Brad Wall Light?

I got to know and like Dave McGrane in the Saskatchewan Young New Democrats, but the following assessment misses the mark: McGrane, an assistant professor at St. Thomas More College, said the NDP’s defeat was a product of failing to connect with rural Saskatchewan, poor political marketing and outdated policies. “People had no idea what […]

2013: The Sask NDP’s Lucky Number?

To state the obvious, Saskatchewan’s provincial election result was not good for progressives. I was especially surprised by the NDP’s loss of constituencies like Regina Douglas Park (where I grew up), Moose Jaw Wakamow and Prince Albert Northcote. It could have been worse. Political commentators were musing about the NDP falling below 30% of the […]

The Inflation-Control Target

So, the 2% inflation target has been renewed as it now stands. (Take that, House of Commons Finance Committee, which is holding hearings on the issue next week.) The background report from the Bank of Canada is pretty  self-congratulatory, though it does somewhat revise the current regime to underline the point that monetary policy also […]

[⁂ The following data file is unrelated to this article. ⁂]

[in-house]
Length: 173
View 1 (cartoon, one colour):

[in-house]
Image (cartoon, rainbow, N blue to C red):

Souvenirs de Cannes

I was in Cannes last week with CLC President Ken Georgetti for the G20 Labour Summit.  (I know, tough job.) This event was arranged by the International Trade Union Confederation with the support of the French Presidency of the G20. Our group as a whole, consisting of labour leaders from the G20 countries and leaders […]

A Long Way from Plan B

The best one can say about today’s Economic and Fiscal Update is that it signals some very slight flexibility amid changing circumstances. The Minister said “We will not be bound by ideology when it comes to making decisions to keep our economy strong and protect Canadians, their financial security and their jobs. We have responded […]